However harsh may have been Tweed's mistreatment of appellant, or however great the latter's apprehension of injury or death at his hands, these things did not justify the assassination of Tweed, and the fact that the act was assassination proved the malice necessary to authorize the verdict declaring it murder.

Appellant asks the reversal of the judgment of conviction because he was tried by a jury summoned from Bell county, instead of from Harlan county; his contention being that the circuit court should at least have made an effort to secure a jury from Harlan county before procuring one from another county. We find no just ground for this complaint. The order of the court requiring the summoning of the jury from Bell county seems to substantially comply with Section 194 of the Criminal Code of Practice, and was authorized by it. The contention here made was passed on by this court in Moseley v. Commonwealth, 84 S.W. 748, 27 Ky. L. Rep. 214. in the opinion of which it is said: "It is insisted, first, that this section is in violation of that part of Section 11 of the Constitution which guarantees to a defendant a speedy public trial by an impartial jury [***7] of the vicinage; and, if this be not sound, it is urged that the judge violated the section of the Code by not in good faith attempting to obtain an impartial jury in the county where the case was tried. Neither of these propositions can be maintained. The validity of Section 194 has been upheld by this court in Brown v. Commonwealth, 49 S.W. 545, 20 Ky. L. Rep. 1552; Massie v. Commonwealth, 36 S.W. 550, 18 Ky. L. Rep. 367; Roberts v. Commonwealth, 94 Ky. 499, 22 S.W. 845."

But, if the action of the court complained of could be pronounced error, we are without power to correct it, because expressly deprived by Section 281, Cr. Code Prac., of jurisdiction to review the decision of the trial court in the matter of the selection of the jury. Moseley v. Commonwealth, 84 S.W. 748, 27 Ky. L. Rep. 214; Howard v. [**364] Commonwealth, 118 Ky. 1, 80 S.W. 211, 81 S.W. 704, 25 R. 2213.

Appellant also complains that instruction No. 3 does not correctly give the law on the point with respect to which it was intended to advise the jury. This complaint is without merit. While not in the form usually followed, the instruction does not, as claimed, assume that appellant was guilty of murder or voluntary manslaughter, or that the jury were compelled to so find. Its language in substance and meaning is simply that if the jury believed from the evidence beyond a reasonable doubt that appellant was guilty of murder or voluntary manslaughter, but had from the evidence a reasonable doubt as to which, if either, of these crimes he was guilty of, it was in that event their duty to find him guilty of voluntary manslaughter.

Finally, it is contended that the judgment should be reversed because during one day of the trial a special judge presided, instead of the regular judge of the court. This contention is also unsound. The orders appearing in the record show that at one time during the trial the regular judge of the court was sick and unable to preside, and that appellant's counsel then agreed with the commonwealth's attorney that a special judge might be selected to preside during the absence of the regular judge, pursuant to which agreement appellant, his counsel, and the commonwealth's attorney agreed upon and selected the special judge, who was a member of the Harlan county bar and possessed all the qualifications required of a circuit judge; that the special judge thus selected was duly sworn and did act as special judge by presiding one day of the trial, vacating the bench on the morning of the following day to give place to the regular judge, who had recovered from his illness; and that the latter then resumed his place and continued to preside in the case until its close.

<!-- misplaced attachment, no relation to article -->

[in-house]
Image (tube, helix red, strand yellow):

There was no error in this matter. Section 968, Ky. St., (Russell's St. 2824), provides: "When, from any cause, the judge of the circuit court fails to attend, or being in attendance cannot properly preside [*291] in an action, proceeding or prosecution pending in said court, or if either party shall file with the clerk of the court his affidavit that the judge will not afford him a fair and impartial trial, or will not impartially decide an application for a change of venue, the parties, by agreement, may elect one of the attorneys of the court to preside on the trial, or hear the application or hold the court for the occasion; and if any of the parties to said action, proceeding or prosecution be or are nonresident defendants, who have not entered their appearance, nor have been summoned, or are  infant defendants, the attorney appointed to defend for such nonresidents, or the guardian ad litem for such infants, may agree with the other parties to such action, proceeding or prosecution, upon a lawyer having all the qualifications of a circuit judge to try the action, proceeding or prosecution."

It will be observed that this statute gave the parties the right to agree upon and select a special judge, and, having done so, appellant will not be heard to complain of the failure of the regular judge to preside throughout the trial, or allowed to repudiate his own act of taking part in selecting a special judge to take the place of the regular judge during the time he was incapacitated from service by illness. However, the record fails to show that appellant excepted to the vacation of the bench by the regular judge, or to the right of the special judge to preside in his absence. This, in the absence of any other reason would prevent us from considering the complaint.

Our examination of the record convincing us that appellant had a fair trial, the judgment is affirmed.